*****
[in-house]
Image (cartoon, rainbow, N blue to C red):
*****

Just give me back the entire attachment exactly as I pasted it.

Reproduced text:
[in-house]
Image (cartoon, rainbow, N blue to C red):